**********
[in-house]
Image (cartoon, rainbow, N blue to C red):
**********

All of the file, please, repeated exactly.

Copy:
[in-house]
Image (cartoon, rainbow, N blue to C red):